5. Requiescat
    “Afterwards will come of itself.”
    There is a theme in later Bowen fiction of the ‘shadowy third’, a sort of semi-detached and timeless troilism without any explicit consummation. This book’s ‘early stories’ include the beginning of that theme, and we follow an extrapolated audit trail from this bereaved meeting of two out of three on the Italian Lakes as a sort of retrocausal rhapsody.
    “‘A third is never really wanted. […] his harshness no longer cast a shadow in her world,…”

  6. All Saints
    “Evensong was over, and the ladies who had composed the congregation pattered down the aisle and melted away into the November dusk.”
    In hindsight, a still ever-increasingly haunting story. Dialogue in Bowen often feels crafted yet constipated, while prefiguring an onrush of words later off-stage. Here in a conversation between a lady newcomer to town (someone who gives the impression of being a spiritual maverick) and the apprehensive vicar after the service, the former wants gratuitously to donate a window to the church… Yet, she wants to fill it with all the saints doubling as her friends. Each a recurring shadowy third?
    “Nobody was ever meant to be a go-between,…”

  7. The New House
    “…the air of startled spirituality that had become her as a girl now sat grotesquely on her middle-aged uncomeliness.”
    A middle-aged unmarried sister and brother, following the death of their mother, move to a new house. He is set in his ways and we get a humorous glimpse into his obsessions with habits and creature comforts, until a Bowenesque ‘third’ affecting his sister surprises and distresses him, until it gives him an even more surprising glimpse into his own future…
    Meanwhile, that sororal ‘third’, indeed, had a telling “shadow gesticulating behind him on the wall.” Another masterstroke from the mistress of literature.

  8. Lunch
    “You see, generally I talk in circles; I mean, I say something cryptic, that sounds clever and stimulates the activities of other people’s minds, and when the conversation has reached a climax of brilliancy I knock down my hammer, like an auctioneer, on somebody else’s epigram, cap it with another, and smile around at them all with calm assurance and finality. By that time everybody is in a sort of glow, each believing that he or she has laid the largest and finest of the conversational eggs.”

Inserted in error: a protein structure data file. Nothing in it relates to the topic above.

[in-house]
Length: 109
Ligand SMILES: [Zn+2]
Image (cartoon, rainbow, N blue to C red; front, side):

Marcia speaks at a diarrhoeal gallop like that – as if she is the personification of Bowen fiction but without the constipation. It goes without saying the setting of the hotel here is a gem of Bowenesque description, words chosen immaculately for appealing to our five senses, the sixth being that, within such a setting, this conversational attack (comparing selfishnesses) by Marcia upon a male stranger, a sort of ex-marital chatting up by a female of a man, is heading towards a closed intestine of repartee, halted by the arrival of a ‘third’, and so it was. I know which selfishness won and who had the luckiest escape!

  9. The Lover
    “Richard had insisted on consigning the coal-scuttle that Herbert had given them to the darkest corner of the study.”
    This turns out to be a sequel of ‘The New House’, where what the modern eye would see as unpolitically correct marriages ensue for the brother and sister. But dialogue rolls like water off the duck’s back of consciousness while, from ‘Lunch’, Marcia’s concept, of how ‘selfishnesses’ compete and eventually win out for each self, comes true. If ‘The New House’ was emblematic of Richardson’s Pamela Volume One (without the lust), ‘The Lover’ is Volume Two (still without the lust). A lunch without lust.

  10. Mrs. Windermere
    “She dived suddenly, her bag on the floor. She reappeared with it, and its mauve satin maw gaped…”
    Here Mrs Windermere fortuitously meets, while shopping in the West End of London, a young girl she had ‘helped’ while on holiday in Italy. The girl is still ‘twirling’ while Mrs W tries to fix the girl’s Proustian ‘self’, an unmatch-maker, a sort of retrocausal conjuror of focus from the emotional mix-up of a later novel written after Bowen died, Hotel du Lac (cf Windermere) by Anita Brookner.